I don't know what it is, but LP pickings in thrift stores of late have been superb, particularly of late 50s through early 70s country and bluegrass (with mid-60s being the best represented). Since this is great music it is hard to complain. It helps too that I am a big fan of both Conway Twitty and Porter Wagoner, since both of those dudes seem to have recorded 100s of albums. But maybe the stuff that has been most interesting to me are some early Hank Williams, Jr. records like "I've got a right to cry" and "Eleven Roses." I think his later stuff is pure shite, but these are really good.
I'm happy the pickings have been good because CHKD, which has dozens on thrift stores around here, has jacked prices up to $1.98. Maybe a buck is relative 'jacking' considering the total cost, but it seems like an outrage to me to charge more than a buck at a thrift store.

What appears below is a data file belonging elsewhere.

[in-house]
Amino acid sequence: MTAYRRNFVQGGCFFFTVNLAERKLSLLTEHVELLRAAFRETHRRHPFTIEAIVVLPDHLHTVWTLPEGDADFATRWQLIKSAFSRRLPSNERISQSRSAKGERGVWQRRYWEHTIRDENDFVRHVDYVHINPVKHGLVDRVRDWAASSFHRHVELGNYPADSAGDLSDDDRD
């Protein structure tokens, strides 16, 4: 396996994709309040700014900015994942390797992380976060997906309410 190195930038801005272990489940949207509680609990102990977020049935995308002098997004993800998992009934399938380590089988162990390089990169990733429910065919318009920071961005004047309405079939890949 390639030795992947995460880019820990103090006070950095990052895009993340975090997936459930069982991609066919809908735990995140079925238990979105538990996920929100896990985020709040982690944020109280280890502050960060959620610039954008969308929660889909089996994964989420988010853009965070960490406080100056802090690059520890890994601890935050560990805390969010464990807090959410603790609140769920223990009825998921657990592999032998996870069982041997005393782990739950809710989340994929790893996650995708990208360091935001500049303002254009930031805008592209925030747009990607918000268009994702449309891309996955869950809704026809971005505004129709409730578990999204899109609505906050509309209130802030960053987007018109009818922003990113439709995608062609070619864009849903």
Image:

I have a couple theories why there are suddenly a ton of good picks across the region in all 7 cities. One, I think that a certain era of country listener is starting to die off and their kids just dump wholesale record collections in the thrift stores (they have tended to come in big clumps). My other theory is that the foreclosure crisis is forcing people to quickly dump their stuff that might otherwise be sold.
Or perhaps there are many good records around because End Times are nigh, that is my other theory.